Friday, March 3, 2017
I Wished, I See, I Regret
I hate going to the grocery store, I mean really hate it. I just want to stay home, watch TV, and write. Lets be honest. I hate going anywhere. It’s not that I have some weird phobia. I would love if it was that simple. What I have is more sinister. I see how people die. I see people going about their regular lives, totally normal to everyone; but me. I see if it was natural, accident, self inflicted, whatever. I guess I brought it on myself. I use to wish I was a great writer. I wished for years. Then I had a accident. HA, I fell over the dog in the driveway. I woke up 3 days later with a splitting headache and tunnel vision. After a week and a battery of tests, I was fine. If you call this fine, when I see anyone, I see their body as it is when they die. Imagine someone who commits suicide by a gunshot to the head, walking around and interacting with people. No one else see’s it, but I do. I see the hole through the skull, while they make small talk. How about a accident, or disease. This is why I would rather stay home. Thankfully it doesn’t effect TV. Or I would really go crazy. So I stay home. Away from everyone, writing horror and mystery stories. I will admit, it does give me great ideas. Plus the eccentric recluse character makes my work sell better. But it isn’t worth it.
So I go when I have to, always looking at the ground, never making eye contact. I get a buggy, go around the store, then strait to the checkout. Luckily the lines are short at night, night means less people. I put my stuff on the belt as the cashier swipes my items across the scanner as I stare at the floor.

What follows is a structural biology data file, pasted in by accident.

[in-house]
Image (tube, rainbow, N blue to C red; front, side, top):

"Did you find everything okay?" she asks casually.
"Mm-hmm," I mumble to the floor. Her voice sounds nice. Pleasant. Curiosity wins over and I glance up. The cashier's head is dented in on the right side, blood streaming out her eye, nose, and ear. Probably a car accident. I snap my gaze back down towards the floor. After I pay, she gives back my change in a hand so mangled I'm surprised it can hold anything. Thanking her, I grab my bags and turn towards the exit.
Walking to the double doors, I see a man in a cowboy hat looking through magazines at the news stand. The skin on his face and hands is the consistency of a marshmallow that fell into a campfire. Burn victim. The older lady running the stand looked normal, except for her left eye and mouth were drooping. Stroke victim.
I get close to the door and see the greeter, a middle aged woman with a deep purple bruise surrounding her neck, her eyes bugged out and bloodshot. Death by hanging. I rush out the door as fast as I can. In my car I finally catch my breath as I lean my forehead on the steering wheel.
After a few minutes I look up and see my familiar reflection in the rear-view mirror: my ashen skin, dilated eyes, with a yellow foam dripping from the corner of my mouth. “Overdose”, I whisper.
Be Careful What You Wish For. Why did I ever wish?